Tu Books/Lee & Low

Regina Petit's family has always been Umpqua, and living on the Grand Ronde Tribe's reservation is all ten-year-old Regina has ever known. Her biggest worry is that Sasquatch may actually exist out in the forest. But when the federal government enacts a law that says Regina's tribe no longer exists, Regina becomes "Indian no more" overnight--even though she lives with her tribe and practices tribal customs, and even though her ancestors were Indian for countless generations.

Now that they've been forced from their homeland, Regina's father signs the family up for the federal Indian Relocation Program and moves them to Los Angeles. Regina finds a whole new world in her neighborhood on 58th Place. She's never met kids of other races, and they've never met a real Indian. For the first time in her life, Regina comes face to face with the viciousness of racism, personally and toward her new friends.

Meanwhile, her father believes that if he works hard, their family will be treated just like white Americans. But it's not that easy. It's 1957 during the Civil Rights era, and the family struggles without their tribal community and land. At least Regina has her grandmother, Chich, and her stories. At least they are all together.

In this moving middle-grade novel drawing upon Umpqua author Charlene Willing McManis's own tribal history, Regina must find out: Who is Regina Petit? Is she Indian, American, or both? And will she and her family ever be okay?

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The late Charlene Willing McManis (1953-2018) was born in Portland, Oregon and grew up in Los Angeles. She was of Umpqua tribal heritage and enrolled in the Confederated Tribes of Grand Ronde. Charlene served in the U.S. Navy and later received her Bachelor’s degree in Native American Education. She lived with her family in Vermont and served on that state’s Commission on Native American Affairs. In 2016, Charlene received a mentorship with award-winning poet and author Margarita Engle through We Need Diverse Books. That manuscript became this novel, which is based on her family’s experiences after their tribe was terminated in 1954. She passed away in 2018, knowing that her friend Traci Sorell would complete the revisions Charlene was unable to finish.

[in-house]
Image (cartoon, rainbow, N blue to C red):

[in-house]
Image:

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2019 Junior Library Guild selection

★ “Readers will be moved as they become invested in Regina’s predicament. Is she still Indian, American, or both--and what does that mean for her and her family?”—School Library Journal, starred review

Highly Recommended: “Written with middle-grade readers in mind, I highly recommend it for them, but for teens and adults, too . . . As far as I know, Indian No More is the first book . . . about the life of a child and her family when their tribe was terminated and then relocated.”
—Dr. Debbie Reese, American Indians in Children’s Literature

“A heartfelt and meditative exploration of an often-undiscussed time in recent U.S. history, Indian No More wades through complex issues of identity and culture and the preservation of both. Thoughtful and purposeful in its education of readers, McManis and Sorell's collaboration sits proudly within the pantheon of middle-grade books as one fully written and edited by women of the Native Nations.”—Shelf Awareness

“McManis and Sorell produce a poignant family story of the impact termination had on the thousands of Native Americans who left reservations in order to survive.”—Kirkus Reviews

“I love Indian No More. It is a beautiful and important book, honest and moving. Regina's story faces a shocking injustice directly, creating a powerful historical novel that should be included in every school's curriculum.”—Margarita Engle, Newbery Honor-winning author of The Surrender Tree and We Need Diverse Books Mentor of Charlene Willing McManis

“In this honest depiction of an Indian family’s struggle to survive the termination of their tribe, we see how ‘Indian stories speak truth’ through the eyes of a gifted young narrator. Courageous and wise, Regina Petit navigates life away from home with a triumphant dignity that celebrates her heritage and everything she has to offer the world.”—Guadalupe Garcia McCall, Pura Belpre Award winning author and poet

Indian No More by Charlene Willing McManis and Traci Sorell is a poignant look at the termination era and its devastating effects. Regina is a determined young girl who faces huge life changes with incredible strength. It’s an important story, and a compelling debut.”—Supriya Kelkar, author of Ahimsa

“This is not the story of my family or community. But I feel like it belongs to me. It feels so natural reading it.”—Indigo Bookshelf: Voices of Native Youth, reviewed by Ashleigh, age 13